US Virgin Islands Hotel & Tourism Association

homepage_hospitalityA capacity crowd of 1,000-plus patrons packed into the Reichhold Center for the Arts to see rhythm and blues powerhouse Babyface perform his long list of hit records. Many patrons viewed the action on stage from a bird’s eye view in the new Sky Lounge.

Along with the plush couches and gleaming wood tables with ambient candles were a half dozen University of the Virgin Islands students, dressed smartly in black pants and crisp white shirts. Donning huge smiles, some offered patrons a cheery “Good night!” while others served drinks at the newly built Sky Bar. Some students assumed the role of waiters, taking orders from patrons, while others served beverages and light refreshments.

The students are all members of the University of the Virgin Islands Hospitality and Tourism Management Program, an initiative started by UVI President David Hall some six years ago.

The hospitality program curriculum was passed in 2010 and the four-year degree program began in 2012. To date, the hospitality program has 83 students with 25 taking classes on St. Croix and 58 on St. Thomas. That number includes transfer students from neighboring islands including the British Virgin Islands and Dominica. Three students from the inaugural class graduated from the program in May 2015. The students will receive a bachelor of Business Administration degree with a major in Hospitality and Tourism Management.

Along with general requirements, courses include Food Production and Safety, Resort Management, Cruise Line Operations and Management, Tourism Development, and Hospitality Strategy, among others.

In its relatively short life as an academic major, the program has racked up accolades and praise both on and outside the campus.

Most recently, in June Dr. Hall singled out the program for his quarterly President’s Appreciation Award.

“UVI’s Hospitality and Tourism Management Program continues to make an indelible impact in our community and the hospitality and tourism industry,” said President Hall. “Our students have excelled in this program and are a cornerstone of many high-end signature events on campus and throughout the territory.”

One month later, the hospitality program received national recognition, ranking number 26, in a list of “50 Most Affordable Small Colleges for Hospitality Administration and Management.” The survey, published on the site, features a picture from the UVI St. Croix campus, along with a summary of the program and tuition fees.

The program’s students are in high demand for Virgin Islands community events involving hospitality and tourism. Indeed, it was the students’ debut at the Reichhold Center concert that got the attention of a prominent restaurant owner on St. Thomas. After witnessing the level of service rendered to patrons by students that evening, Michael and Judy Watson, owners of Petite Pump Room restaurant, donated $1,000 to the hospitality program. In January, Michael Watson called the program’s director, Tamara Lang, and asked if six students within the hospitality major would like the opportunity to work alongside his catering team and serve at the Governor’s State of the Territory address reception.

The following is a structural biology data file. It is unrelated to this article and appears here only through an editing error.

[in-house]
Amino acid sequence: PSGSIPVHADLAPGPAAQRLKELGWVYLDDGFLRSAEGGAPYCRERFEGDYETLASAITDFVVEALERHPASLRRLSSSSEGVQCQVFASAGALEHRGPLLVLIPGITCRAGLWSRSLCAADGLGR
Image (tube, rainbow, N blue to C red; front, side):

More than six students volunteered and served the newly-elected governor and other dignitaries at the high profile event.

According to Lang, the students have twice catered the Fall Yacht Fest held in the British Virgin Islands, hosted by former Gov. John P. deJongh, Jr. Additionally, the students delivered catering and hospitality services during a recent VI Friendship Day activity—an event that boasted more than 500 high-profile guests and members of the public, Lang said.

She added, “Students are also doing catering events at private homes around the island.”

More recently, the University of the Virgin Islands cafeteria has collaborated with the hospitality program, allowing students to assume numerous roles in the front and back of the dining facility. Three of the program’s students concentrating on Food and Beverage Management are writing their senior business plan project on the UVI cafeteria. Another 15 students studying Customer Management are working in various sectors of the dining pavilion, interacting with patrons.

The program strives to achieve three main goals, according to Lang.

The first is to build a relationship between the hospitality program and the tourism industry. Second, to have students gain experience so they can secure jobs. And third, to receive funding for the program.

The goal to secure jobs is already being realized. Cathriellah Shabazz, a senior year student, participates in the program on the Albert A. Sheen St. Croix campus. Shabazz said her classroom experience earned her a job at a local hotel.

“I did an internship at the Tamarind Reef Resort at the front desk. It was like having one of my management classes in action. At first you hesitate, then you remember you know how to do this because you did it in class,” Shabazz said.

The management at the hotel was so impressed with her skills, Shabazz was offered a full-time position, and now takes her hospitality and tourism classes in the evening.

Along with their classroom training, students participate in activities such as the Ritz-Carlton Customer Service Training. Additional professional training is gained through the UVI Hospitality and Tourism Organization, which is comprised of students within and outside the major. Students are elected as officers to the group and plan workshops on a variety of topics from customer service to serving and clearing dining tables.

The combined in-class and community training has made the program a stellar one.

“They understand what’s required by the industry and they understand that service is paramount,” said Lang. “I instill that professionalism comes first.”